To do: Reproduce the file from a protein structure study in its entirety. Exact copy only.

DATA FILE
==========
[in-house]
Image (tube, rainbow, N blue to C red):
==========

[in-house]
Image (tube, rainbow, N blue to C red):